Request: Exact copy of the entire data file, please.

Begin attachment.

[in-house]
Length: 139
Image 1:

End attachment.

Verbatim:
[in-house]
Length: 139
Image 1: